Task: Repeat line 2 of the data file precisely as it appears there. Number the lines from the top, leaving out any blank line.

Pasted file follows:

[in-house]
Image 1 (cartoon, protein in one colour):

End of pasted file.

Image 1 (cartoon, protein in one colour):